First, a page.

Calling the “urgent need for fundamental reform of our system of housing finance the great unfinished business of post-financial crisis reform,” Federal Reserve Governor Jerome Powell said on Thursday that the U.S. housing finance system continues to put taxpayers at risk in a market dominated by government-backed agencies.
Addressing members of the American Enterprise Institute, Powell stated that even though housing prices appear to have recovered since the crisis of Fannie Mae and Freddie Mac nearly a decade ago, further reforms are needed to deal with what has since become a seemingly “comfortable” but “unsustainable” situation.
“We’re almost at a now-or-never moment here,” Powell warned, adding that unless Congress acts immediately, “There is a serious risk, if not a likelihood, that this state of affairs may persist indefinitely, leaving our housing finance system in a semi-permanent limbo.”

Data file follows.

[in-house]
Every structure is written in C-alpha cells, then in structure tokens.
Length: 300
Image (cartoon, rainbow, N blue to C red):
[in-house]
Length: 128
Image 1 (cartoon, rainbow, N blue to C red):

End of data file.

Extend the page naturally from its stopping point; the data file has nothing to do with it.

Powell explained that housing finance is often at the center of financial crises, as was the case in 2008. “Memories of the crisis are fading,” Powell pointed out. He notes that since they were bailed out in 2008, Fannie and Freddie have remained in government hands. And they, along with other government agencies, back the vast majority of American’s mortgages.
During the past eight years, Congress has failed to replace Fannie and Freddie, mostly because they can’t agree on the government’s role in backing mortgages and subsidizing houses.
However, some legislators have recently discussed housing finance reform, which could lead to new legislation in the coming year.
Powell cautioned that “the current structure does expose the taxpayer and does carry substantial systemic risk over time” and offered advice to legislators to put forth explicit rules for mortgage-backed securities in the future and strive to pursue a bipartisan agreement.
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